6.   “The Rooker-Feldman doctrine prevents the lower federal courts from exercising jurisdiction over cases brought by ‘state-court losers’ challenging ‘state-court judgments rendered before the district court proceedings commenced.’ ” Lance v. Dennis, 546 U.S. 459, 460, 126 S.Ct. 1198, 163 L.Ed.2d 1059 (2006) (per curiam) (quoting Exxon Mobil Corp. v. Saudi Basic Indus. Corp., 544 U.S. 280, 284, 125 S.Ct. 1517, 161 L.Ed.2d 454 (2005)).

7.   The opening brief contains, at most, the following language: “Appellants contend that their original complaint meets the constitutional standing requirements in its present form. To the extent that this Court disagrees, Appellants respectfully request that the Court find there are no fatal pleading defects and allow Appellants to correct any technical pleading defects upon remand.” This oblique reference to remanding for leave to amend (to cure what Plaintiffs mischaracterize as “technical pleading defects”), however, comes amidst a section focused entirely on remand for the addition of an entirely new claim. And the reply brief—after the FTC squarely addressed the question of jurisdiction and amendment—again insisted that its complaint sufficed as-is, asking only for us to reverse. This court has “refused to address claims that were only argued in passing or that were bare assertions with no supporting argument.” Christian Legal Soc., 626 F.3d at 487 (alterations, quotation marks, and citations omitted). The plaintiffs' request to correct any technical pleading defects upon remand is, at most, a “gesture[ ]” in favor of remand for leave to amend. Kaiser v. Cascade Cap., LLC, 989 F.3d 1127, 1135 n.12 (9th Cir. 2021). We do not consider it sufficient to preserve the argument that remand for leave to amend would be appropriate relief from this court.

8.   Other cases have additionally looked to “whether the challenged law is inapplicable to the plaintiffs.” Lopez, 630 F.3d at 786. Because the FTC does not contend that the 2016 letter or the Rule is inapplicable to Plaintiffs, this factor is irrelevant here.

9.   Plaintiffs suggest that the Supreme Court's decision in Susan B. Anthony List v. Driehaus abrogated the Ninth Circuit's three-part test. Not so. We have continued to apply this test after Susan B. Anthony List as a means of determining whether a purported injury meets the Supreme Court's “credible threat” requirement. See, e.g., Clark, 899 F.3d at 813 (concluding that “these three factors are absent in the present case” and that accordingly, “[t]he [plaintiffs'] claims bear no resemblance to the prototypical pre-enforcement challenge case, in which ‘the threatened enforcement of a law’ against a plaintiff is imminent.” (quoting Susan B. Anthony List, 573 U.S. at 158, 134 S.Ct. 2334)). The cases to which Plaintiffs point as other means of establishing standing pertain instead to the question of whether an agency action is “final” for purposes of APA review—an additional, not alternative, requirement for justiciability of the APA claims. See U.S. Army Corps of Eng'rs v. Hawkes Co., 578 U.S. 590, 599, 136 S.Ct. 1807, 195 L.Ed.2d 77 (2016); Sackett v. EPA, 566 U.S. 120, 126, 132 S.Ct. 1367, 182 L.Ed.2d 367 (2012); Frozen Food Express v. United States, 351 U.S. 40, 44, 76 S.Ct. 569, 100 L.Ed. 910 (1956).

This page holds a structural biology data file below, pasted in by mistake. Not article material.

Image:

10.   Plaintiffs argue that since their complaint was filed, the FTC subsequently brought an action against fourteen defendants for violating the Rule by using soundboard, which makes the threat of enforcement “indisputable.” They have suggested (at least implicitly) that we take judicial notice of this litigation, but we decline to do so. The FTC's enforcement action against other, unrelated parties does not necessarily make the threat against these Plaintiffs credible. On this record, it is impossible to tell whether Plaintiffs are “similarly situated” to the parties against whom the enforcement action was brought such that the action “cuts in favor of a conclusion that a threat is specific and credible.” Lopez, 630 F.3d at 786–87. If Plaintiffs file a new action with a revised complaint, we leave it to the district court to determine in the first instance to what extent other enforcement actions support Plaintiffs' standing.

1.   I agree with the majority that we therefore have jurisdiction over Plaintiffs' appeal.

2.   The majority observes in a footnote that Plaintiffs' request for leave to amend “comes amidst a section focused entirely on remand for the addition of an entirely new claim.” Maj. Op. at 1208 n.7. To the extent the majority suggests that Plaintiffs requested leave to amend only to add the new claim and did not request leave to amend to address the standing deficiencies, the majority's interpretation is inconsistent with the plain text of Plaintiffs' brief. Plaintiffs stated expressly that their request for leave to add the new claim is “[i]n addition” to their request for leave to cure the standing deficiencies. (emphasis added).

3.   There are seven active district judges in the district of Nevada, meaning there is at least an 86% (6/7) chance any new action would be assigned to a different judge. Several senior judges continue to serve in the District of Nevada, so the chances of the case being assigned to a different judge are likely even higher.

CLIFTON, Circuit Judge:

Opinion by Judge Clifton; Partial Concurrence and Partial Dissent by Judge Milan D. Smith, Jr.

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Docket No: No. 20-16128

Decided: July 13, 2022

Court: United States Court of Appeals, Ninth Circuit.